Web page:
Everything There Is To Know About Opening Day

Around noon yesterday, I was up to my ear brows in my 2023 Income Tax preparation.  Frankly, I would have used just about any excuse to put that aside for a while; so, when my computer “announced” that some email had arrived, FORM 1116 went on hiatus.  The email came from the “reader in Houston” who you will recognize as a font of sports history and stats.  I mentioned yesterday that MLB’s Opening Day traditions have changed in recent years and that probably spurred him to provide a minor treatise on the history of Opening Day in MLB.  None of what follows is mine; today is courtesy of the “reader in Houston”:

  1. President Howard Taft threw out the first ball on Opening Day in 1910.  In all, 12 US Presidents have thrown out the first ball on Opening Day.
  2. Tom Seaver was the starting pitcher on Opening Day 16 times (with 3 different teams).  That is the most for any pitcher in MLB history.
  3. Ted Williams’ batting average on Opening Day was .449.
  4. The record for the most consecutive Opening Day wins is 10 – – a record shared by the Boston Beaneaters (1887-1996) and the Houston Astros (2013-2022).
  5. Walter Johnson started 14 Opening Day games and pitched 9 shutouts in those games.  One of those shutouts was a 15-inning game against the A’s that ended with the score 1-0 and the game only took 2 hours and 33 minutes to play.
  6. Four players have hit 3 HRs in their Opening Day games – – Matt Davidson, George Bell, Tuffy Rhodes and Dmitri Young.
  7. In 1903, the Boston Americans and the Philadelphia A’s played a doubleheader on Opening Day.  The last time there was a doubleheader on Opening Day was in 1971 between the Chicago White Sox and the Oakland A’s.
  8. In 1907, the Phillies won on Opening Day by a forfeit when NY Giants’ fans threw snowballs onto the field and refused to stop.  The umpires declared a forfeit and the Phillies won 9-0.
  9. In 1923, the Yankees and Red Sox opened the season in the newly constructed Yankee Stadium.  Babe Ruth hit a homerun in that first game in the original Yankee Stadium.
  10. Opening Day in 1925 produced the highest scoring first game of the season.  The Cleveland Indians beat the St. Louis Browns 21-14 thanks to the Browns committing 10 errors resulting in 11 runs for the Indians.
  11. In 1940, the Indians’ Bob Feller threw a ho-hitter at the White Sox; that is the only no-hitter ever on Opening Day.
  12. In 1947, Jackie Robinson made his MLB debut – – and the “reader in Houston” was at that game and still has memorabilia for it in a box in his attic.
  13. In 1950, the Cardinals beat the Pirates on Opening Day in the first night game played on Opening Day.
  14. Hank Aaron’s 714th homerun – – the one that tied Babe Ruth’s career record – – came on Opening Day in 1974.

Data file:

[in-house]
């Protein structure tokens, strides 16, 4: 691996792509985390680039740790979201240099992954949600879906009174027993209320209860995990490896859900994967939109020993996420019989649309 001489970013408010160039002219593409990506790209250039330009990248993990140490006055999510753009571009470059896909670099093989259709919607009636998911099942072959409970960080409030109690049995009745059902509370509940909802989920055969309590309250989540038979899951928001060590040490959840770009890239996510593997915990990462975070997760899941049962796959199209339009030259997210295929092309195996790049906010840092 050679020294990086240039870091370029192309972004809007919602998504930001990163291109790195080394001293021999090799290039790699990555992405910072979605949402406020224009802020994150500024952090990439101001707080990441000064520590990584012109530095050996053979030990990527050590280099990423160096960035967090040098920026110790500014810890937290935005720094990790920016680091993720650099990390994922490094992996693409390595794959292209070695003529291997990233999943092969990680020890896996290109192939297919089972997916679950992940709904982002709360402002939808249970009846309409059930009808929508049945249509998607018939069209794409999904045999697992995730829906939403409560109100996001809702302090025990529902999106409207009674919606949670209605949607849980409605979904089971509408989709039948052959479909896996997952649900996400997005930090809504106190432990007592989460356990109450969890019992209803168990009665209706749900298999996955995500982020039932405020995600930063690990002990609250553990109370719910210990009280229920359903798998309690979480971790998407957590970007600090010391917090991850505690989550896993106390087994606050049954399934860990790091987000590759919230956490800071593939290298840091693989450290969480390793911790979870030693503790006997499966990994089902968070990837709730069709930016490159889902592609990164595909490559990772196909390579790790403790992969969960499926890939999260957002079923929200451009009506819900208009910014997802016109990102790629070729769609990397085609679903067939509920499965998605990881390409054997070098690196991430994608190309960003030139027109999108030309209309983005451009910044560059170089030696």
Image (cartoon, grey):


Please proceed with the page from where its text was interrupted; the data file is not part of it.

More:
15. The longest Opening Day game in MLB history was played in 2012 between the Indians and Blue Jays ending with the Blue Jays beating the Indians, 7–4, in 16 innings. (It took 5:14.) The previous record for longest Opening Day game was in 1960 lasting 15 innings (4:54), which also saw the Indians in a losing effort, 4–2, vs. the Tigers. Recall from above Walter Johnson’s 15-inning shutout in 1926 that only took 2:33 to play.
  16. The first interleague game on Opening Day was in 2013 between the Angels and the Reds.  The Angels won 4-3 in 13 innings.

I knew exactly one of those Opening Day facts listed above before receiving my email yesterday – – the one about Hank Aaron’s 714th homerun.  Sincere thanks to the “reader in Houston” for this enlightenment.

Moving on …  Earlier this week, I said that this year’s March Madness had not been nearly as compelling as tournaments in the past.  The weekend when the field is cut from the Sweet 16 to the Final Four is almost always the best mix of quality and quantity of games.  There are more games in the previous weekend but too many of them are always mismatches and the Final Four weekend is always great – – but there are only 3 games.  Last night the first part of “Sweet 16 Weekend” did not disappoint.  Yes, the UConn game was a blowout, but the defensive tenacity of the Huskies was interesting to watch.  The other three games were thrillers:

  • Clemson was a 7.5-point underdog against Arizona, but Clemson led for much of the game and were simply the better team on the court last night.  The Tigers move on with a 77-72 victory.
  • Alabama was a 5-point underdog to UNC last night.  Alabama’s defense looked to be overmatched against UNC, but Alabama went toe-to-toe with the bigger Tar Heels and won the game 89-87.
  • Illinois was a 3-point underdog to Iowa St. last night.  Terrence Shannon and Curtis Jones each put on a show last night, but Shannon and his Illinois teammates prevailed 72-69.

The Saturday night tournament games are set:

  • UConn opened as a 7.5-point favorite over Illinois but that spread has expanded to 8.5 points very quickly.
  • Alabama is a 3-point favorite (3.5 points at one Internet sportsbook) over Clemson as of this morning.

Both games look interesting to me.

Finally, this is a time for sports fans to be happy – – baseball has begun and it is Sweet-16 Weekend.  So, let me close with this view of happiness from psychiatrist Thomas Szasz:

“Happiness is an imaginary condition, formerly attributed by the living to the dead, now usually attributed by adults to children and by children to adults.”

But don’t get me wrong, I love sports………



2 thoughts on “Everything There Is To Know About Opening Day”

  1. The Reader in Houston (“RIH” is a treasure – always adds factual supplements to this treasure of a column, and often great insights, as well. Thank you.

    Wayne in Philly (“WIP” like the sports radio station)

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